Early Middle English Books - ARC
Cover Image from: The Materiality of Middle English Anchoritic Devotion (2021).
Series editors

Adrienne Williams Boyarin (editor-in-chief), University of Victoria in British Columbia, Canada

Geographical Scope
England and its contacts/influences (Wales, Scotland, Ireland, Scandinavia, Netherlands, France, Spain, Eastern Mediterranean)
Chronological Scope
1100-1350 CE
Editorial Board

Meg Worley, Colgate University
Dorothy Kim, Brandeis University
Iain Macleod Higgins, University of Victoria
Stephanie J. Lahey (editorial assistant), University of Victoria

Advisory Board

Anya Adair, Hong Kong University
Jonathan Adams, Uppsala University
Suzanne Akbari, University of Toronto
Siobhain Bly Calkin, Carleton University
Christopher Cannon, Johns Hopkins University
Susanna Fein, Kent State University
Helen Fulton, University of Bristol
Catherine Innes-Parker, University of Prince Edward Island
Kathryn Kerby-Fulton, University of Notre Dame
Sharon Kinoshita, University of California Santa Cruz
Scott Kleinman, California State University, Northridge
Erik Kwakkel, University of British Columbia
Adam Miyashiro, Stockton University
Haruko Momma, University of Toronto
Ruth Nisse, Wesleyan University
Delbert Russell, University of Waterloo
Pinchas Roth, Bar-Ilan University
Robert Rouse, University of British Columbia
Elaine Treharne, Stanford University
Diane Watt, University of Surrey

Early Middle English, French of England, multilingual, multicultural, international, manuscripts, British history, British literatures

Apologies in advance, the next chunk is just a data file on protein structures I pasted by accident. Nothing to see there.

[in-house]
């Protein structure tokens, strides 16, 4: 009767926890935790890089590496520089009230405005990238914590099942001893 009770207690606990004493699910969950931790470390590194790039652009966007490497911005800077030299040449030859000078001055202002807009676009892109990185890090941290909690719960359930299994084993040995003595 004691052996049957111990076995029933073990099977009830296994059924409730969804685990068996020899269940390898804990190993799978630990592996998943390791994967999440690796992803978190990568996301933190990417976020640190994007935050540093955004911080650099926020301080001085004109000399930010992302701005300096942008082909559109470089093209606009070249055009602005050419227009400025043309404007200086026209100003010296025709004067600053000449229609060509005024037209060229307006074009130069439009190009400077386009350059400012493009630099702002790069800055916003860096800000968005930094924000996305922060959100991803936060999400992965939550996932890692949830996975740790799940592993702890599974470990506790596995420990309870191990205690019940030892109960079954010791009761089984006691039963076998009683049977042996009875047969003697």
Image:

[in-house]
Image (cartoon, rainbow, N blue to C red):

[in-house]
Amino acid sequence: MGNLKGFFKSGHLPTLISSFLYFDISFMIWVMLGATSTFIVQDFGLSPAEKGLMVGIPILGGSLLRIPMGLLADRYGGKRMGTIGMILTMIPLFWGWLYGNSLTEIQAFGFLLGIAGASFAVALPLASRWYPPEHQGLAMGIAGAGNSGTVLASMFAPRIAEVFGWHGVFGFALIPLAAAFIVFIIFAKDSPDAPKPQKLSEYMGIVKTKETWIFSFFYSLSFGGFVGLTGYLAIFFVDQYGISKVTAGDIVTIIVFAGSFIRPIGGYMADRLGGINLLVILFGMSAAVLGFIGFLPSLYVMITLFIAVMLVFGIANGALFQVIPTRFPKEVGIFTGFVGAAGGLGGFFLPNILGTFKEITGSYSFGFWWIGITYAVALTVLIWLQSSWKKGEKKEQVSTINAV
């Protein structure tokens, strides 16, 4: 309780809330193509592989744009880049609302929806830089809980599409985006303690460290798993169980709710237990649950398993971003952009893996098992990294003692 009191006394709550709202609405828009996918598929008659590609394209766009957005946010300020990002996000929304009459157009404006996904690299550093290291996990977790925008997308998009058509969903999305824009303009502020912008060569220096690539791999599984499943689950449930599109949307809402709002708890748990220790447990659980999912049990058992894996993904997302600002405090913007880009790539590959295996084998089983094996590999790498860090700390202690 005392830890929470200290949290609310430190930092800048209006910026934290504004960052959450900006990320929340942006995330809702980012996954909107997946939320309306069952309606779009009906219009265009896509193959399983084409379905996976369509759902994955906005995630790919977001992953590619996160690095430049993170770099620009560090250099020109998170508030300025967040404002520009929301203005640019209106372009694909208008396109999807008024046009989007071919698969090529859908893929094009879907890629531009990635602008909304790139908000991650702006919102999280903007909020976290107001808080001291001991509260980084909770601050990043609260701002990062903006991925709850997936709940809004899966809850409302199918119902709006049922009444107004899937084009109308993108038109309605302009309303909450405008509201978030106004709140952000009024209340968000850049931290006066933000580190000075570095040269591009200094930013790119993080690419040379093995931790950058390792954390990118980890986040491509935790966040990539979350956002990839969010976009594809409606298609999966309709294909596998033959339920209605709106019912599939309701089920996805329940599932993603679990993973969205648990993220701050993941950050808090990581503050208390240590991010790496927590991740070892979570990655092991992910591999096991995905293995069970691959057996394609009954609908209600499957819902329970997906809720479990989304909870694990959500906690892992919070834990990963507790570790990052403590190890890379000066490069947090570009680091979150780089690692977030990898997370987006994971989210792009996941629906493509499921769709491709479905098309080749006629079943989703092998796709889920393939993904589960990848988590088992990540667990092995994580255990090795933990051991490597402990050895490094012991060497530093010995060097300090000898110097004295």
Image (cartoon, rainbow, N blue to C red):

Early Middle English Books - ARC

Early Middle English is devoted to English literature, its production, and its contexts ca. 1100–1350. The series takes a wide view of this lively period of literary experimentation, linguistic change, and multilingual interaction in England. It promotes scholarship in Early Middle English language and literature; the multicultural, international, and multilingual contexts of Early Middle English, including Welsh and Gaelic literatures, Hebrew literature by Jews in Britain, and Anglo-Norman French and Anglo-Latin writing.

Early Middle English includes studies that make explicit how such research affects modern understanding of global politics and cultures; British manuscript studies ca. 1100–1350; the backgrounds, scholarly history, and afterlives of Early Middle English; theoretical interventions in areas such as gender, sexuality, race, disability, new materialism, ecocriticism, and interdisciplinary analysis; and the creation or assessment of new resources.

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